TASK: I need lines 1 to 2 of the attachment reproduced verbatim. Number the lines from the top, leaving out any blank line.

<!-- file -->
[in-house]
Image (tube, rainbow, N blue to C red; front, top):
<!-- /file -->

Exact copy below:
[in-house]
Image (tube, rainbow, N blue to C red; front, top):